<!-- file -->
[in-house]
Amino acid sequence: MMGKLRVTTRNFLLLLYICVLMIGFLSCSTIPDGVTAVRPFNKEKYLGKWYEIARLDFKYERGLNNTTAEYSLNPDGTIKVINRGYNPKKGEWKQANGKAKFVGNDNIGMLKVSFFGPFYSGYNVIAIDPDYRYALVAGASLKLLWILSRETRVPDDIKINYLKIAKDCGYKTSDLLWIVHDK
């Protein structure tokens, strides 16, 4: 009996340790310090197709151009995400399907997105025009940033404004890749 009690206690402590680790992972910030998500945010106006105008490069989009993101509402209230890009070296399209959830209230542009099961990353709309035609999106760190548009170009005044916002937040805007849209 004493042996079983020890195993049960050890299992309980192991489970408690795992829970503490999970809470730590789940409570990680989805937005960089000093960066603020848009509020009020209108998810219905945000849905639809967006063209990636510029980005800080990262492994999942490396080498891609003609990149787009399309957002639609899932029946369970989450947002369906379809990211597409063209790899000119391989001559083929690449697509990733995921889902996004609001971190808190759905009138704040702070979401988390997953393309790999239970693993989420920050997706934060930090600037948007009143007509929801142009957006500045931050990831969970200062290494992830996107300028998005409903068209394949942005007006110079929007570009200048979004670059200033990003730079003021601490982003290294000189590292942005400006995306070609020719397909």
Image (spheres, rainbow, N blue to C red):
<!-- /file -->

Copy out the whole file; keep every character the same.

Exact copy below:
[in-house]
Amino acid sequence: MMGKLRVTTRNFLLLLYICVLMIGFLSCSTIPDGVTAVRPFNKEKYLGKWYEIARLDFKYERGLNNTTAEYSLNPDGTIKVINRGYNPKKGEWKQANGKAKFVGNDNIGMLKVSFFGPFYSGYNVIAIDPDYRYALVAGASLKLLWILSRETRVPDDIKINYLKIAKDCGYKTSDLLWIVHDK
């Protein structure tokens, strides 16, 4: 009996340790310090197709151009995400399907997105025009940033404004890749 009690206690402590680790992972910030998500945010106006105008490069989009993101509402209230890009070296399209959830209230542009099961990353709309035609999106760190548009170009005044916002937040805007849209 004493042996079983020890195993049960050890299992309980192991489970408690795992829970503490999970809470730590789940409570990680989805937005960089000093960066603020848009509020009020209108998810219905945000849905639809967006063209990636510029980005800080990262492994999942490396080498891609003609990149787009399309957002639609899932029946369970989450947002369906379809990211597409063209790899000119391989001559083929690449697509990733995921889902996004609001971190808190759905009138704040702070979401988390997953393309790999239970693993989420920050997706934060930090600037948007009143007509929801142009957006500045931050990831969970200062290494992830996107300028998005409903068209394949942005007006110079929007570009200048979004670059200033990003730079003021601490982003290294000189590292942005400006995306070609020719397909």
Image (spheres, rainbow, N blue to C red):